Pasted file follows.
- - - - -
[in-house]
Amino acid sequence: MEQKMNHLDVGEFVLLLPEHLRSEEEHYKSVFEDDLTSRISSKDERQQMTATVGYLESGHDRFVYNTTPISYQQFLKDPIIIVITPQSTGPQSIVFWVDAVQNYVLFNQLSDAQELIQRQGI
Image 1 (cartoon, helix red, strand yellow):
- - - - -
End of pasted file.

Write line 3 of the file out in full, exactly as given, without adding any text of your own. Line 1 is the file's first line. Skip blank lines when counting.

Image 1 (cartoon, helix red, strand yellow):